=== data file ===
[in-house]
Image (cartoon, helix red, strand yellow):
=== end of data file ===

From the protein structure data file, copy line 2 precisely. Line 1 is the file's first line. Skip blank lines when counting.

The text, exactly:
Image (cartoon, helix red, strand yellow):